Chicken Sutra

When a New Delhi court ordered the closing of the city’s first
Kentucky Fried Chicken outlet for health code violations last year,
the American media viewed it as a cynical political ploy. After
all, the action came just a year after the bubonic plague returned
to India. If the country was going to worry about filthy
restaurants, there were certainly people with dirtier hands than
the Colonel.

But using a few flies and a high level of MSG to ban foreign
fast food is not much different from using the spotted owl as a
tool to save Oregon’s old-growth forests: You take what the law
will give you. And the fight against KFC has emerged as one of the
principal battlegrounds in determining whether India’s future will
lie with the freewheeling global economy or the Gandhian tradition
of low-level self-reliance.

As Vandana Shiva, the renowned Indian ecologist, points out in
Food and Water Journal (Spring 1996), ‘Doctors, health
activists, farmers, environmentalists, and consumers are involved.
Animal rights activists want to make sure we do not get a
meat-based culture in this country. We are the leading vegetarian
culture in the world. The movement in support of Indian culture and
diversity is growing and multiplying. It is?.?.?. touching very
deep cultural cords.’

Shiva’s attack on the chain is in part an attack on factory
farming in general–a mode of agriculture that’s relatively new to
India, where tiny holdings are still the rule, and where free-range
chicken is a fact of life, not a yuppie trend. In Third World
Resurgence
(#67) she describes the ‘concentration camp’
conditions at these huge chicken plants, and the ways they can
produce everything from foot troubles to ‘caged layer fatigue.’ She
also warns of heavy use of antibiotics to prevent diseases in
crowded conditions. Corporations like KFC are ‘dumping a hazardous
industry on the Indian consumer,’ she contends. It may seem odd to
see the ultraclean United States skewered as a purveyor of disease,
but it’s a charge that may grow more common as our consumer culture
spreads to a growing global middle class.

At root, though, much of the dispute over multinationals like
Pepsico-owned KFC is about whether government policy should serve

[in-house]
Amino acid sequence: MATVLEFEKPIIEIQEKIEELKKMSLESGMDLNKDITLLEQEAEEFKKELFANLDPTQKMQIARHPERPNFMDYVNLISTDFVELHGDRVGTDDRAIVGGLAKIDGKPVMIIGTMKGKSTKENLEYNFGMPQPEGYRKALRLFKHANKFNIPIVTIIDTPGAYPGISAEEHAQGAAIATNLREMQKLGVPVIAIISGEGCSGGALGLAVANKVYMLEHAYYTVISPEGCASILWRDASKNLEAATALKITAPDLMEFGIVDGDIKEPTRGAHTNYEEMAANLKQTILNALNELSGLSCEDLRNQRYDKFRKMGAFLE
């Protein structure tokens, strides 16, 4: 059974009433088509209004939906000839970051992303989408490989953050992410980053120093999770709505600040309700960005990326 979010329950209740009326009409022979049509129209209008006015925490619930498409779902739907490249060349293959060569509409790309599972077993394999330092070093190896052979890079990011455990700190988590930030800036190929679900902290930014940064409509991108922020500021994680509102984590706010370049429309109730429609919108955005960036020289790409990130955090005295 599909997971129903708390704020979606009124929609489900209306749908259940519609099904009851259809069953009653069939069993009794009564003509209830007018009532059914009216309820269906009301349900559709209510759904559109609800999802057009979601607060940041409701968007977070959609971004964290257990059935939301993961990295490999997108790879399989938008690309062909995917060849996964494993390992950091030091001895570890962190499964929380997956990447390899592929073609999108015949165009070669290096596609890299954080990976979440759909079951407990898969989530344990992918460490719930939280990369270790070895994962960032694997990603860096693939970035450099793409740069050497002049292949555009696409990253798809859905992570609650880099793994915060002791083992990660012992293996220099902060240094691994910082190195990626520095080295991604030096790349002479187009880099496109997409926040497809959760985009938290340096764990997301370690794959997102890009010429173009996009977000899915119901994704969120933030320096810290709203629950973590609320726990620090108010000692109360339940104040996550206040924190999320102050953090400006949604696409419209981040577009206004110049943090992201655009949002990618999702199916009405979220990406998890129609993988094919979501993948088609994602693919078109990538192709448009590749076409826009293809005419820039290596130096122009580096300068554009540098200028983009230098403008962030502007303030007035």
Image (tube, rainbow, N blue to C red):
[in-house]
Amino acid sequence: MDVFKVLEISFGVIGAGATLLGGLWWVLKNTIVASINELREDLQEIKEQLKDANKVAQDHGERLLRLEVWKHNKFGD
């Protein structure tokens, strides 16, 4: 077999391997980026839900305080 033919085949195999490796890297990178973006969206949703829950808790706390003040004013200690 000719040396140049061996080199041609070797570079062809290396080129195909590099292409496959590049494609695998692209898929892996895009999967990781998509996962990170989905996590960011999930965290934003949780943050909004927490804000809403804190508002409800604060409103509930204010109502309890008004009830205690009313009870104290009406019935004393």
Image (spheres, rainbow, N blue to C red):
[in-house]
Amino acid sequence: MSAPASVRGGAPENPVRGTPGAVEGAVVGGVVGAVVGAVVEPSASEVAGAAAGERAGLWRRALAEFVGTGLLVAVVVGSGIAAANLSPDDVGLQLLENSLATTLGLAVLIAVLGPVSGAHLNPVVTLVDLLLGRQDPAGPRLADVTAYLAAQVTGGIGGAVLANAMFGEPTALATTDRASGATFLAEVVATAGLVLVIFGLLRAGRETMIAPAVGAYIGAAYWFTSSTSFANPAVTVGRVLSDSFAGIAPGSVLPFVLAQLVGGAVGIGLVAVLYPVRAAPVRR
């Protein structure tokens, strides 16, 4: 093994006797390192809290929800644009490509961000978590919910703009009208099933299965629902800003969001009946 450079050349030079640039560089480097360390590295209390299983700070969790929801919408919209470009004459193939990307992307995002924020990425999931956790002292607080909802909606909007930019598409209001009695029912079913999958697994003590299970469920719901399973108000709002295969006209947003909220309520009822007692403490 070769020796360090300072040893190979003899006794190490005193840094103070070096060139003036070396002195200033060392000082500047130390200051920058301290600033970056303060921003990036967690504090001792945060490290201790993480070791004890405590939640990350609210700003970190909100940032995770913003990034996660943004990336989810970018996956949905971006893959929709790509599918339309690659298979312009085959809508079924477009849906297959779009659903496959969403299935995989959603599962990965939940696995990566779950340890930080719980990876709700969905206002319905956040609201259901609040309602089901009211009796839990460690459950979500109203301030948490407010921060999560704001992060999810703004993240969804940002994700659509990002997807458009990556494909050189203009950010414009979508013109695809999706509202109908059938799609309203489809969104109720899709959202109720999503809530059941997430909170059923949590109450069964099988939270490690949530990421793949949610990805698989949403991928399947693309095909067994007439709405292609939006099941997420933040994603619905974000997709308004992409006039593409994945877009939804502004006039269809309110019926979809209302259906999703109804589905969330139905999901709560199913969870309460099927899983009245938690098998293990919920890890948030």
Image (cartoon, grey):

that middle class or protect the far larger number of poor Indians.
When the first Kentucky Fried Chicken restaurant opened in the city
of Bangalore in January a crowd of farmers broke its windows and
burned its chicken in the streets. The protest was led by Professor
M.D. Nanjundaswamy, the green-shawled farm organizer who instigated
earlier campaigns against transnational Cargill and its seed
salespeople. Nanjundaswamy, an organic farmer himself, heads a
group that numbers 10 million farmers among its members, according
to Third World Resurgence. He stresses that the Indian
government’s willingness to open up its culture has been just as
damaging as its eagerness to court foreign investment. The new wave
of satellite television, for instance, is changing even the way
that young Indians dress, he says.

Though this movement is indigenous to south Asia, it has its
champions closer to home as well. Writing in The Ram’s Horn
(Feb. 1996), Canadian farm activist Brewster Kneen concludes that
‘in India, the farmers know what to do.’ Though the Indian
government arrested 102 activists after the Bangalore protest,
accusing them of looting and attempted murder, he writes that he
watched similar protests against Cargill in earlier years and was
‘mightily impressed’ by the ‘integrity and knowledge’ of the
protesters. Indeed, the real difference between India and North
America may be this: 70 percent of the population is still involved
in agriculture, compared with less than 3 percent here. For the
moment, there’s still someone left to get angry in India.

UTNE
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